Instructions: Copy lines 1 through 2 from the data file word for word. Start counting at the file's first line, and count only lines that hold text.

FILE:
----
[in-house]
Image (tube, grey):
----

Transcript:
[in-house]
Image (tube, grey):